The Food and Drug Administration (FDA) requires generic drug manufacturers to prove that generic drugs have the identical active ingredients and work the same way in the body as the brand-name version. FDA-approved generic drugs are as safe and effective as brand-name drugs. By law, a generic drug must look different (different shape or color) from its brand-name equivalent—even when they're manufactured by the same company.
Here's how to request and fill your prescription for a generic drug:
- Ask your doctor about generics when your prescription is being written. Make sure your doctor knows that you can save by using generics. Most doctors will write prescriptions to allow generic substitutions when they are available.
- If you're taking a brand-name drug, it may have a generic equivalent or a generic alternative. An equivalent contains exactly the same active ingredients. An alternative is a different drug that can be used to treat your condition.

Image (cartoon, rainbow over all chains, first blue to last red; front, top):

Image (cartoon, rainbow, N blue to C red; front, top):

- If you choose a brand-name drug when a generic equivalent is available, you'll pay 10% coinsurance on the cost of the generic PLUS the difference in cost between the generic and the brand- name drug. You can save money just by asking your doctor to prescribe a generic drug or allow generic substitution.
- If your doctor prescribes a generic drug that you'll take long-term, request a second prescription for a 30-day supply to fill at your local pharmacy. Also ask for a prescription for a 90-day supply to use the mail-order service. Generic drugs are free when you order them through the mail.
- You may fill your prescription for a generic drug at your retail pharmacy. When you do, you'll pay 10% coinsurance.
- If your generic drug is a maintenance medication that you take over the long term, you'll pay 20% of the cost after your first three fills at retail pharmacy. Why not switch to mail and get it for free?